Before panic sets in regarding the news that Baltimore Orioles catcher Matt Wieters has tendinitis in his recently reconstructed throwing elbow, it’s worth noting that this is not an entirely unusual occurrence.
In fact, it’s more expected than not that throwers will feel something approaching soreness at some point along the road to recovery; occasionally it happens even after they have returned to competition. Pitcher Joe Nathan returned to the mound 11 months after his 2010 Tommy John surgery only to go on the DL shortly thereafter due to forearm tightness. Nathan told me it was while he was on the DL receiving treatment to loosen up his forearm that his elbow began to feel “amazing.” When he made his subsequent return to the mound, he knew he had physically approached “normal.”
Wieters underwent Tommy John surgery on his throwing (right) elbow in mid-June of 2014 after an attempt at conservative rehabilitation failed. While it is certainly less common for position players to require this surgery as compared to pitchers, Wieters’ particular throwing demands as a catcher place repetitive stress on his elbow, which might have contributed to his injury. It is understandable, then, that his return to throwing, like that of a pitcher, needs to be performed in a controlled, progressive manner with attention given to how the elbow responds at each phase. If something crops up that isn’t quite right, the progression is put on hold.
When I visited Orioles camp just one week ago, Wieters told me his progress to date had been remarkably straightforward. He had zero issues with the elbow as far as swinging a bat or hitting nor had he experienced any discomfort with his throwing program. His only limitations revolved around the intensity and volume of his throwing. As of last week, he had been limited to throwing at 80 percent, something he described as “just not putting that last little bit of tension on the ball.” He was eager to test his arm working behind the plate, even as he knew he wouldn’t completely cut loose on the throws.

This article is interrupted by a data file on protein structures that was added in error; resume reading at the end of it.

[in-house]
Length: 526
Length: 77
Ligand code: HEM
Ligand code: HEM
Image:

In his first Grapefruit League appearance Tuesday, Wieters caught six innings in a matchup against the Minnesota Twins. There were no attempted steals during his outing (which would have required harder throws) and his fielding opportunities were limited. In other words, it was an ideal first outing from a situational standpoint. There were no reports of any soreness until the following day, which is often when the response to the next-level demand on a surgically reconstructed elbow makes itself known. According to Orioles manager Buck Showalter, Wieters had felt a little “achiness” on a couple of throws -- nothing severe, but enough to warrant precautionary measures.
Local soreness and inflammation is not unexpected as a player resumes higher-intensity throwing; the key is proactively taking steps to quiet the symptoms before they turn into a larger problem. It appears that is what the Orioles are doing in the hopes that Wieters can resume activity within the span of a week, give or take a few days.
Although Opening Day had been shaping up as a possibility, it was never an absolute. The big picture of Wieters’ elbow health has always been at the forefront of the plan for both him and the team. With that in mind, there’s hope that this is just part of Wieters’ normal recovery process, happening sooner rather than later.